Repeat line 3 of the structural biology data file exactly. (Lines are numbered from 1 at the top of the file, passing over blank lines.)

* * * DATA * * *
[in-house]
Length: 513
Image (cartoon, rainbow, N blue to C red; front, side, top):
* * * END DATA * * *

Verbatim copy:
Image (cartoon, rainbow, N blue to C red; front, side, top):